Russia closed the airspace above its capital on the morning of Tuesday 22 August 2023 after Ukrainian drones were detected around 25km northwest of Moscow.
“Two drones were detected and destroyed by air defense systems over the territory of the Moscow region,” said a Russian Defence Ministry statement.
The incident occurred in the town of Krasnogorsk, which is connected to Moscow’s metro system, and led to activity at all four Moscow airports being shut down. Simple Flying has also reported Russian claims that it destroyed “a further two Ukrainian drones over the Bryansk region that borders Ukraine.”
1. Re-opened with delays
Flights resumed again later but were dogged by delays caused by the disruption, including at the Russian capital’s busiest airport Moscow Sheremetyevo International Airport (SVO), which reached 49 million passengers in 2019, before the Covid-19 pandemic and 2022’s invasion of Ukraine. It was down to less than half that throughput last year. Operations there by Red Sea Airlines, and Armenian Airlines were among those affected by the drone incident, as well as beleaguered national carrier Aeroflot which uses Sheremetyevo as a hub.
Worse disruption was caused at Moscow Domodedovo Airport (DME) for passengers on other domestic carriers Ural Airlines and S7 Airlines. 21 million passengers used Domodedovo in 2022.
Vnukovo International Airport (VKO), the third busiest with 12 million passengers in 2022, is another major domestic hub and serves some long-haul destinations such as the Caribbean, Tanzania and Thailand. Meanwhile, Zhukovsky International Airport (ZIA), 43km southeast of the capital, is a new, smaller hub built to serve low-cost airlines.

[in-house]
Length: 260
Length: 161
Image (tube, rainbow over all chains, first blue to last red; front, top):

2. 3D printed “candy bombs”?
Drone attacks seem to be on the rise in the conflict since May, when two exploded near the Kremlin.
The Economist has reported that Ukraine is using 3D printing to create 450g (one-pound) “candy bombs” that can be dropped from drones. The bombs contain copper and aluminum, which on detonation turns into hot plasma capable of penetrating armour.
Russia is not the only country where drones have caused airport closures. London’s Gatwick was affected in 2018. Drones are increasingly being used around the world, by enthusiasts for leisure, but also more sinister purposes such as drugs transport and surveillance. Airports are meant to be no-fly zones where drone activity for any purpose is forbidden.
While “all is fair in love and war”, the USA has refused to endorse any Ukrainian attacks on internal Russian targets, though it has insisted Ukraine is responsible for determining its own defence strategy against the ongoing Russian invasion.